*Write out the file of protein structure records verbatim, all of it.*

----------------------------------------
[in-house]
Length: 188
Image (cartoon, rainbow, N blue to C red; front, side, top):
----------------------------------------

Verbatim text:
[in-house]
Length: 188
Image (cartoon, rainbow, N blue to C red; front, side, top):